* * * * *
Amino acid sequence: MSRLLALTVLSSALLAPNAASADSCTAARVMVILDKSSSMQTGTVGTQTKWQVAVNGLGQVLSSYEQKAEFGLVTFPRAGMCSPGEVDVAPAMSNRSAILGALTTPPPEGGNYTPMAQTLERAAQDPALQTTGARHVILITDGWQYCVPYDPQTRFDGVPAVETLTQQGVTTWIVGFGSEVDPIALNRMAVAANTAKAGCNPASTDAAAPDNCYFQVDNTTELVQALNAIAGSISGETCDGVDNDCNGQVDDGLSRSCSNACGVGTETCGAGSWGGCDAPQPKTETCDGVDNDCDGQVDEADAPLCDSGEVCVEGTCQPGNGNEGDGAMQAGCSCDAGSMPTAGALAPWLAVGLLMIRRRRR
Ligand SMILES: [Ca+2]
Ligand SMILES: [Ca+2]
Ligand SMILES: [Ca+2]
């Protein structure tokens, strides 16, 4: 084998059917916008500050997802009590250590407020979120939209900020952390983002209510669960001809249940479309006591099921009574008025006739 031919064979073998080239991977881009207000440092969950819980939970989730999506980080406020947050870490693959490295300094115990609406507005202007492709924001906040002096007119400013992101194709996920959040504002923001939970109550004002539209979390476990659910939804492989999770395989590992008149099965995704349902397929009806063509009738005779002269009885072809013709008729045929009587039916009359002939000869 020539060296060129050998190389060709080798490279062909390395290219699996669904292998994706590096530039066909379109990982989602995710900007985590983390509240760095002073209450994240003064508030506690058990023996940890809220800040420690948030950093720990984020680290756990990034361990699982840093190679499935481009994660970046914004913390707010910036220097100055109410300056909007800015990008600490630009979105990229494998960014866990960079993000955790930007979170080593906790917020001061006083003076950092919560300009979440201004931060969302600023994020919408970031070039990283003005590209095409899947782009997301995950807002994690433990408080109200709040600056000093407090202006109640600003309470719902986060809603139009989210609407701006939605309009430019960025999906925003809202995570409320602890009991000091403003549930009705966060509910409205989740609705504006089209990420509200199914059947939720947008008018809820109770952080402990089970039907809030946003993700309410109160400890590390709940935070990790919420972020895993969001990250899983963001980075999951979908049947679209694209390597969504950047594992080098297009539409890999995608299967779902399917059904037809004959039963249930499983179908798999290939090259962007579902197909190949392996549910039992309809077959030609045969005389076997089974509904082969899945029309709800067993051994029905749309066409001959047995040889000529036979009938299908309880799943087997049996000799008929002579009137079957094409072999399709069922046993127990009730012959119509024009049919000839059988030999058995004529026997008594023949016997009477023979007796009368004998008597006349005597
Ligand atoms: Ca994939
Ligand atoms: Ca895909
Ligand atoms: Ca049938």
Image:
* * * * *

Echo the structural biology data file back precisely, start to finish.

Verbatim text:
Amino acid sequence: MSRLLALTVLSSALLAPNAASADSCTAARVMVILDKSSSMQTGTVGTQTKWQVAVNGLGQVLSSYEQKAEFGLVTFPRAGMCSPGEVDVAPAMSNRSAILGALTTPPPEGGNYTPMAQTLERAAQDPALQTTGARHVILITDGWQYCVPYDPQTRFDGVPAVETLTQQGVTTWIVGFGSEVDPIALNRMAVAANTAKAGCNPASTDAAAPDNCYFQVDNTTELVQALNAIAGSISGETCDGVDNDCNGQVDDGLSRSCSNACGVGTETCGAGSWGGCDAPQPKTETCDGVDNDCDGQVDEADAPLCDSGEVCVEGTCQPGNGNEGDGAMQAGCSCDAGSMPTAGALAPWLAVGLLMIRRRRR
Ligand SMILES: [Ca+2]
Ligand SMILES: [Ca+2]
Ligand SMILES: [Ca+2]
């Protein structure tokens, strides 16, 4: 084998059917916008500050997802009590250590407020979120939209900020952390983002209510669960001809249940479309006591099921009574008025006739 031919064979073998080239991977881009207000440092969950819980939970989730999506980080406020947050870490693959490295300094115990609406507005202007492709924001906040002096007119400013992101194709996920959040504002923001939970109550004002539209979390476990659910939804492989999770395989590992008149099965995704349902397929009806063509009738005779002269009885072809013709008729045929009587039916009359002939000869 020539060296060129050998190389060709080798490279062909390395290219699996669904292998994706590096530039066909379109990982989602995710900007985590983390509240760095002073209450994240003064508030506690058990023996940890809220800040420690948030950093720990984020680290756990990034361990699982840093190679499935481009994660970046914004913390707010910036220097100055109410300056909007800015990008600490630009979105990229494998960014866990960079993000955790930007979170080593906790917020001061006083003076950092919560300009979440201004931060969302600023994020919408970031070039990283003005590209095409899947782009997301995950807002994690433990408080109200709040600056000093407090202006109640600003309470719902986060809603139009989210609407701006939605309009430019960025999906925003809202995570409320602890009991000091403003549930009705966060509910409205989740609705504006089209990420509200199914059947939720947008008018809820109770952080402990089970039907809030946003993700309410109160400890590390709940935070990790919420972020895993969001990250899983963001980075999951979908049947679209694209390597969504950047594992080098297009539409890999995608299967779902399917059904037809004959039963249930499983179908798999290939090259962007579902197909190949392996549910039992309809077959030609045969005389076997089974509904082969899945029309709800067993051994029905749309066409001959047995040889000529036979009938299908309880799943087997049996000799008929002579009137079957094409072999399709069922046993127990009730012959119509024009049919000839059988030999058995004529026997008594023949016997009477023979007796009368004998008597006349005597
Ligand atoms: Ca994939
Ligand atoms: Ca895909
Ligand atoms: Ca049938």
Image: